Money is less about numbers and more about behaviour. And somehow, we have got this behaviour right, at least in the recent past.
A Hindustan Times report todaynotes thatwhen it comes to borrowing, Indians are safe. According to CIBIL, the credit rating agency for individuals, about 75 percent borrowers who took loans to buy a house or car are "very safe" borrowers. While most borrowers are below the age of 35, almost 80 percent have a high credit score, making them credit worthy borrowers.
But what about all those screaming headlines about ever increasing non-performing assets (NPAs) of banks? Well, those have little to do with individual borrowers and more to do with corporates. Most individual borrowers stick to their repayment schedule. Remember, paying bills on time means a high credit score.
In fact, when it comes to paying our credit card dues, we pay outstanding balances on time and do not revolve credit, at least not as much as we used to. In a recent interaction, Jairam Sridharan, president and head (consumer lending and payments), Axis Bank, told Firstpost, "Credit card customers are revolving credit far less today than a few years back. The rates have fallen form around 50 percent in 2005 to 15 percent now."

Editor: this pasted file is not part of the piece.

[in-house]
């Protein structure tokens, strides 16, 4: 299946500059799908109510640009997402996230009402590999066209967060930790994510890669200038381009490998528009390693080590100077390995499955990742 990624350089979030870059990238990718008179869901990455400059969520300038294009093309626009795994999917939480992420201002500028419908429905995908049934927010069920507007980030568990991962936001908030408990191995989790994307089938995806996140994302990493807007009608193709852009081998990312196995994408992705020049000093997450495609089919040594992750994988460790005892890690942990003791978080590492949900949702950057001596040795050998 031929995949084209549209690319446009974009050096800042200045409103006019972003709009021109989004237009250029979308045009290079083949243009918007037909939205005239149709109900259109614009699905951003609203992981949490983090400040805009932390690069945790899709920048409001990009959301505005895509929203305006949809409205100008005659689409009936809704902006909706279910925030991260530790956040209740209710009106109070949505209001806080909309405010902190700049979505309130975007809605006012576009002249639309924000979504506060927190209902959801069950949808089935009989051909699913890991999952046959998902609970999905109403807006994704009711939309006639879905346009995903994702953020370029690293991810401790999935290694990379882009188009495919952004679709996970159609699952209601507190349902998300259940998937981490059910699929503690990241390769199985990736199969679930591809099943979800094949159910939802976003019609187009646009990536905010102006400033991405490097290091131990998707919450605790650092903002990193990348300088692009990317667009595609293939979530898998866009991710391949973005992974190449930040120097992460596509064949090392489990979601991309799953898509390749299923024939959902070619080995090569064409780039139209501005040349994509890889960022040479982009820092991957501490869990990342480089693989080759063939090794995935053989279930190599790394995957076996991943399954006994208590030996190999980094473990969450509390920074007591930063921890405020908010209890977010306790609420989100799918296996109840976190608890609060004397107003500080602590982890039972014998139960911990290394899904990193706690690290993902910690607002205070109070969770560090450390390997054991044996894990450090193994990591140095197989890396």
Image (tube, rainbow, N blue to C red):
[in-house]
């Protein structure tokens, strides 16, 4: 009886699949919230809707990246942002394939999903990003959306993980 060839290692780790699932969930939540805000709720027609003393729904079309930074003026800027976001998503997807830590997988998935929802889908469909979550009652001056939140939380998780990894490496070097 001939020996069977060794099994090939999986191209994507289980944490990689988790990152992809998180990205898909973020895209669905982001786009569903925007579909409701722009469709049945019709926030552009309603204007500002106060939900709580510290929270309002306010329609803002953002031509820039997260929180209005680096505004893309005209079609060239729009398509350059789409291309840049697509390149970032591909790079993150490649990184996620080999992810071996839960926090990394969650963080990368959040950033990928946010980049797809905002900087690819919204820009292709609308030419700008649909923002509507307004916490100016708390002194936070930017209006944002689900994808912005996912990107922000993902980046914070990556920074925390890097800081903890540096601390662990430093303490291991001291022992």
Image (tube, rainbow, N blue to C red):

He added that the awareness of credit rating agencies and hence the important of a good credit score is making borrowers pay their bills on time, even within the interest free period.
Decrease in the rate of revolving credit does not mean that we are spending less on card. The total spends on card have increased, but the bills are also getting paid on time. In fact, unlike a few years back when most of us were borrowing the bad type of debt (unsecured like a personal loan), now more are borrowing to fund their house or a car. Financial planners considerhouse as good debt. The HT report too observed this trend. In 2006, 69 percent first-time borrowers took credit for personal loan and credit card spends. Now, 62 percent first-time borrowers take credit to fund a house or car.
Where does this responsible borrowing and repayment behaviour come from? Sridharan told Firstpost that before the economic meltdown in 2008, many took credit without much thought. But after 2008 there was an economic slowdown, people started losing jobs and defaulted on their loans. This made them bad borrowers and hence getting loans became difficult. Slowly, this lead to realisation of the importance of a good repayment history, credit score and responsible credit utilisation.
Traditionally, Indians are known to be debt averse. In fact, until a few years back taking debt or karza was looked down up on. Now this is changing for the better.
But, will this continue? Only time can tell. But as of now, unlike an average American who carries an average 11 credit cards in his pocket, we have managed to modify out credit behaviour in the right direction. And, let's hope it continues to be so.
Updated Date: Dec 21, 2014 02:42:50 IST